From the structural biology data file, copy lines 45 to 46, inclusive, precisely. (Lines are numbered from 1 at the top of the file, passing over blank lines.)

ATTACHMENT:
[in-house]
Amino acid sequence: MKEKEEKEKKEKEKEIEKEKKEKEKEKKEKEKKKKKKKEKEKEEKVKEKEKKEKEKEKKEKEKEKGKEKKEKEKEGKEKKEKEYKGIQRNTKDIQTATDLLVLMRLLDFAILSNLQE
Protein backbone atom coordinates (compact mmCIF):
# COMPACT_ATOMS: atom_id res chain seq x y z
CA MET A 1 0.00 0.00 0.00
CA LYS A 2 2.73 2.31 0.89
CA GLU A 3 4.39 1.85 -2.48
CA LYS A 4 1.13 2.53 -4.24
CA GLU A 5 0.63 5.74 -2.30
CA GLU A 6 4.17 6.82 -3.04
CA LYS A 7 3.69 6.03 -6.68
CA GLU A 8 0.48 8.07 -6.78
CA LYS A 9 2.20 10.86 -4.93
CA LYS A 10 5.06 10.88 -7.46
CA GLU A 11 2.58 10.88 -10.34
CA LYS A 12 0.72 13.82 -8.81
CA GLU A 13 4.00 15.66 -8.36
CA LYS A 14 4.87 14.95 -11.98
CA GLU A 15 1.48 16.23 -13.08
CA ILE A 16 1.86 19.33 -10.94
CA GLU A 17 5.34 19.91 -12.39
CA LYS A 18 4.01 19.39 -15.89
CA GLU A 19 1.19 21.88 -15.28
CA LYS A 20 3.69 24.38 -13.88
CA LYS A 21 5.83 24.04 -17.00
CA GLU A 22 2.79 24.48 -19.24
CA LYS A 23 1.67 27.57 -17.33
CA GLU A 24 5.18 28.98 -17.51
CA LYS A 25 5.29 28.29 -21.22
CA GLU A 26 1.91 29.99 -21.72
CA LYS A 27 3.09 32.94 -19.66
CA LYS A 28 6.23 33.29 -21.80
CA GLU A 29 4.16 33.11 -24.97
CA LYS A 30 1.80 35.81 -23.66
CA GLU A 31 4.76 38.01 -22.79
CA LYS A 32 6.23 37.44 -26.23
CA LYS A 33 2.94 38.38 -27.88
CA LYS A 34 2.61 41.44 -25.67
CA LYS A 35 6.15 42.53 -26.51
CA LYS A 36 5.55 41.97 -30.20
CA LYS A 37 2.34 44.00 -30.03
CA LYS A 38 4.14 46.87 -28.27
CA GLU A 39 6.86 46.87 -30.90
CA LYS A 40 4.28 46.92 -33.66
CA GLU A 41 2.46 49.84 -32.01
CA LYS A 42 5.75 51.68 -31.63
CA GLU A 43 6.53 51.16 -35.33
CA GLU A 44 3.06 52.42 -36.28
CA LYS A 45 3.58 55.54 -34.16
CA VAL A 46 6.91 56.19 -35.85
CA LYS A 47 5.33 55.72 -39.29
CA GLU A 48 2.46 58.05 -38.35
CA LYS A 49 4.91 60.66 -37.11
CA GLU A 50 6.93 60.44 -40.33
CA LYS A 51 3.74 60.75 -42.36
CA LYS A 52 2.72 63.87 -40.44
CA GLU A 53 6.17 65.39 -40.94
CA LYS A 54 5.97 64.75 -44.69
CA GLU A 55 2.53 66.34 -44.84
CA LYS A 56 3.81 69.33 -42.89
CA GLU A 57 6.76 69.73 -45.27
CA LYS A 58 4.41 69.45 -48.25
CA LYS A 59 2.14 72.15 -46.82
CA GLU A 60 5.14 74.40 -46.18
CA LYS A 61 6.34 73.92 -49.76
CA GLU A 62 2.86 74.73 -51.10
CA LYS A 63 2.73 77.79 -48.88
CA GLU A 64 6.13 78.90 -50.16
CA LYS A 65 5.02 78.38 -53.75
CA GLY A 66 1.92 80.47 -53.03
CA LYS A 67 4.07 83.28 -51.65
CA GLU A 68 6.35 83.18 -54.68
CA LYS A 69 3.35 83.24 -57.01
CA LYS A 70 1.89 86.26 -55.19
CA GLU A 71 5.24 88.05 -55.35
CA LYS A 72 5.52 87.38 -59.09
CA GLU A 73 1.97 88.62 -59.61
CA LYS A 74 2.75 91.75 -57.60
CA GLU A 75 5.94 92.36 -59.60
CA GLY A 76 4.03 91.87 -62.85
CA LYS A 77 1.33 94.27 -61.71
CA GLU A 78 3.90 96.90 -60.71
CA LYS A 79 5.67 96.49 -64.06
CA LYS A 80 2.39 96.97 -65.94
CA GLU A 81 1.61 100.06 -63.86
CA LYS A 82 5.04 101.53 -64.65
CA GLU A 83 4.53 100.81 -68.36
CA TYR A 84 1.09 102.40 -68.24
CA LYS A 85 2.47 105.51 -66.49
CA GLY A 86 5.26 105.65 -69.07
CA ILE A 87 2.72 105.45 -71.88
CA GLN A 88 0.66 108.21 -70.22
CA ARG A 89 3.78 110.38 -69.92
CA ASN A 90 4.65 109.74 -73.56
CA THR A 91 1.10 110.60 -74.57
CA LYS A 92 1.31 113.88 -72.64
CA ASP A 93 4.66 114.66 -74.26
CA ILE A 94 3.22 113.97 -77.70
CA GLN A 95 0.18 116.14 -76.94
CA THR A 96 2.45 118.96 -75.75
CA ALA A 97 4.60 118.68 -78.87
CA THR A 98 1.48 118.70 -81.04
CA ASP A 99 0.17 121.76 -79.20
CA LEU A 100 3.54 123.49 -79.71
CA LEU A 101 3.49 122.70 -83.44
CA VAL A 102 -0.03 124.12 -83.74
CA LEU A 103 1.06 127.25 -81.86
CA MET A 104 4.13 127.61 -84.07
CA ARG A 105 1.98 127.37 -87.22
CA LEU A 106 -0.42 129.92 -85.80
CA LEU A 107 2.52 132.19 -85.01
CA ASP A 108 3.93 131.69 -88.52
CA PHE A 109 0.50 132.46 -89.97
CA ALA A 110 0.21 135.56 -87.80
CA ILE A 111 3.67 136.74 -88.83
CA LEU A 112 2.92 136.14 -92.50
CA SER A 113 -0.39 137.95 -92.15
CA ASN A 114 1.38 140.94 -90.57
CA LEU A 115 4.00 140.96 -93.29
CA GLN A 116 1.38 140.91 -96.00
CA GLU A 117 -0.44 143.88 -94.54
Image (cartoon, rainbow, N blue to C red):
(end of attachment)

CA GLU A 41 2.46 49.84 -32.01
CA LYS A 42 5.75 51.68 -31.63